As I’ve written before, this is exactly the expected relationship between a Vision Master and an Execution Master.  The Vision Master’s job is to disrupt operations, to “rock the boat”.  The Execution Master’s job is to stabilize the boat, to be the steady hand.  This will naturally create tension between the two of them and sometimes sparks will fly.  “Every form of refuge has its price.” 

Colleagues agree. “Gwynne is the steady hand,” says Matthew Desch, the CEO of Iridium Communications Inc., SpaceX’s largest commercial customer. “She’s got the technical savvy, and that underpins her being a great salesperson. But she never tries to oversell, and she’s always open and honest.”  Over the years, Shotwell has earned a reputation as the person who can translate Musk’s visions into reality. “She’s the bridge between Elon and the staff,” says Hans Koenigsmann, VP of Mission Assurance at SpaceX. “Elon says let’s go to Mars and she says, ‘OK, what do we need to actually get to Mars?’ ”

At Tesla, we might conclude, nobody is tasked or empowered to be the person who says “what do we need to actually go to Mars,” or more appropriately, to get the new model launched on time and on budget.

Shotwell has also helped create a “flat” corporate culture. “Anyone gets to talk to anyone, and the best idea wins – even if it comes from an intern.” Shotwell also believes that an important skill for all SpaceXers is the ability to accept critical feedback.  “This is key to anyone’s growth and becoming better at what they do. Feedback is a gem that should be accepted gladly, but unless you are used to it or have a culture of feedback, it can be quite difficult to accept.”

But part of that ability to take critical feedback that Shotwell feels is important to success at SpaceX is surely due to her presence as a “buffer” between the emotionally eruptive Musk and the staff of engineers that have to carry out his plans. Tesla’s team isn’t benefitting from that kind of buffer, that steady hand. Maybe that’s one reason many senior executives have departed in the past few years. Recently, Musk announced that Tesla would aim for a more flat corporate culture. But will it work without a buffer like Shotwell to actually carry it out day to day?

Shotwell has taken the reins at SpaceX, helped create a corporate culture that favors efficiency and innovation, then produces results even in the wake of Musk’s incredibly demanding goals and timeliness. But we still have to ask, why is this team working so well together? Why is it that Musk trusts Shotwell to manage his vision at SpaceX? Why is it that Shotwell succeeds again and again?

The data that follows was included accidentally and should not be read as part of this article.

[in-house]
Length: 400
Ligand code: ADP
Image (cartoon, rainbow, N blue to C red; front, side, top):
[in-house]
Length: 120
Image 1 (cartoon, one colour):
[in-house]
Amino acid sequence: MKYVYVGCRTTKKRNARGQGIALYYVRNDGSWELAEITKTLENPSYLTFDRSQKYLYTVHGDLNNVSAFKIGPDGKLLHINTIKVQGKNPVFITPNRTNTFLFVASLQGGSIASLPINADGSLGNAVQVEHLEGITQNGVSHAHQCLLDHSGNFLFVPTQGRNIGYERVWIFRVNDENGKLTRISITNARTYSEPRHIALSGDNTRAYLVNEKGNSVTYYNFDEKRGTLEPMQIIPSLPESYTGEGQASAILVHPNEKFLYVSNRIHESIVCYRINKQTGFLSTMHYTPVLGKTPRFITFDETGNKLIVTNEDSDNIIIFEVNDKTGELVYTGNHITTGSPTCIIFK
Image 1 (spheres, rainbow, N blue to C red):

The answer is twofold.

First, Shotwell shares Musk’s vision. In fact, in some way,s she maintains an even larger vision for SpaceX than Musk does. While Musk wants to take a rocket to Mars, Shotwell considers this just a small step towards galactic exploration. Because she thinks as big as Musk does, Shotwell can carry forth his huge vision from a place of full support, full belief in its’ inevitable success. This breeds trust with Musk and with the entire team.

Second, Shotwell doesn’t seek the limelight, though it sometimes finds her anyway. Musk garners the spotlight, makes the audacious public comments. Shotwell finds ways to back them up by accomplishing huge goals. Rather than two peacocks battling for dominance in the SpaceX pen, Shotwell seems content to let Musk be the peacock — the public face — while she tends to the rest which includes staff, customers, investors, regulators, and other stakeholders.

Musk simply has no counterpart like Shotwell at Tesla. But it is apparent that he’ll need to find one. In the final post in this case study, I’ll explore what others in the business community are suggesting Musk do to bring on executive team help, along with my own view of the ideal candidate for the role.

Key Takeaways:

  • Tesla and SpaceX are going in different directions, largely because of a management crisis
  • SpaceX enjoys a dynamic partnership between Elon Musk and Gwynne Shotwell, helping it navigate a similar set of challenges to those Tesla is encountering, but with vastly different results
  • A visionary like Musk (and you) need the stable hand of an Execution Master like Shotwell, to balance the corporate culture between innovation (disruption) and result-generating operations
  • An Execution Master that shares the vision of the founder Vision Master can translate the founder’s vision to the entire team — and that’s why SpaceX is thriving, while Tesla is floundering